• Tracking down the people who have the information that is needed to update the spreadsheet
  • Actually updating the spreadsheet
  • Maintaining the formulas and formatting of the spreadsheet
  • Updating the standard format of all the spreadsheets to accommodate a “process enhancement”
  • Creating new spreadsheets

And the list goes on. The point is that while any tool will take time to maintain, spreadsheets take an inordinate amount of time because they are single-user focused. Only one person can update them at a time. They also take time because they are file-based, meaning that you have to maintain separate files. Unless an organization is really good with a process to manage these files (the exception not the rule), the files tend to be stored in a hodgepodge of locations with non-standardized file names and even non-standardized layouts. If you take the time to study the amount of time people take to maintain these spreadsheets, you will be amazed.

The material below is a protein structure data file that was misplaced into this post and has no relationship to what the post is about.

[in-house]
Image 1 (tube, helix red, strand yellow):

On the flip-side, project management software also takes time to maintain. I cannot say otherwise. It takes time to make sure the data is correct in the system, that processes are being followed properly, and to simply get information in the system. One of the flip sides of this is that many project management software systems enable the entry of information by everyone so that one person does not have to both find and enter the information. In this scenario, the maintenance is more truly maintenance than continual, non-stop data entry.

There are some ways to minimize the amount of maintenance and time spent on project management software systems, and these are focused on the initial setup. If you setup the system well, the maintenance time is reduced. Using items such as templates and pre-setup reports really help to minimize the amount of time spent in the tool.